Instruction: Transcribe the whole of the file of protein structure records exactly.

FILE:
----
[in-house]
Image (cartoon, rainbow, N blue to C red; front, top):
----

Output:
[in-house]
Image (cartoon, rainbow, N blue to C red; front, top):